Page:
Brandon and Ryan stood and watched, waiting until the rush slowed and then sauntering in, taking in the somewhat-familiar scenery.

As they pushed open the heavy steel door, they high fived each other. This was going to be their year.


The first few weeks were rife with problems one might expect with an old building: the lights flickered, breakers were blown, and rusty iron-laden water flowed from the washroom faucets.

The boys laid low and monitored the not-so-strange happenings; they would use the building’s deficits to their advantage when they began their ‘haunting’ campaign.

Classes continued as well as they could, but cellphones and wi-fi connections were almost useless. A simple text from one student often took several hours to show up in another’s. School had been in for almost a month and the ‘new normal’ was starting to become routine.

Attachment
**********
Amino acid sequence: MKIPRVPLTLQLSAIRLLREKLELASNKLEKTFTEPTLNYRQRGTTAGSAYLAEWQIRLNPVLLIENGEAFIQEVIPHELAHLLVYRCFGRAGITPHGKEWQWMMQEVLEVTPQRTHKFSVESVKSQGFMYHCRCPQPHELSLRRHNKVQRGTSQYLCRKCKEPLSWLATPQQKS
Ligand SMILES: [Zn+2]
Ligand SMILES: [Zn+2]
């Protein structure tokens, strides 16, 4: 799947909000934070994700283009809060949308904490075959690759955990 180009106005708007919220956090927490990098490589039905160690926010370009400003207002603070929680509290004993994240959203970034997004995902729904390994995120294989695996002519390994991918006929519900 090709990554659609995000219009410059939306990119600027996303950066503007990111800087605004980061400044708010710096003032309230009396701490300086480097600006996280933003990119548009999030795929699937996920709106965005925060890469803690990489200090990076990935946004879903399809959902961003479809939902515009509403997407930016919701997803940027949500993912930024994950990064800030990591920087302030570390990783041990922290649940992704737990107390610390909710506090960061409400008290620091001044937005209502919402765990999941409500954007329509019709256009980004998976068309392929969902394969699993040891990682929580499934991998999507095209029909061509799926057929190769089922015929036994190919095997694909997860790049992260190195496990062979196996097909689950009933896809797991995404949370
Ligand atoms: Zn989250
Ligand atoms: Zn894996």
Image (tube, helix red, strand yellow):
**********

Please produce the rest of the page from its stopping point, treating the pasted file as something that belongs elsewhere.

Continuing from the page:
Brandon slammed his lunch tray on the banged-up metal cafeteria table. “This is wild,” he said to Ryan as he folded himself onto the attached bench. “Imagine if these tables could talk. I mean, look at the dents and scratches on them…it’s like they were built to withstand knives and hammers and weapons crazy psychopaths might get their hands on.”

“Yeah, and did you see the back wall in Room 17?” Ryan exclaimed. “I know they tried to fix things before we moved in, but I swear it looks like there are scrawled words underneath the paint on the back wall.”

“Gonna file that under ‘creeptastic’”, Brandon noted. “That’s something we can use to our advantage. So…when do we start?”

“How ‘bout tonight? After everyone leaves?”

“Sounds good. Let’s start with Room 17.”